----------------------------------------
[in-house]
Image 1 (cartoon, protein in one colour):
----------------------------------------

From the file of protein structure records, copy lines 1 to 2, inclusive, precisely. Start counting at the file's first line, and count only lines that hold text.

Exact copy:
[in-house]
Image 1 (cartoon, protein in one colour):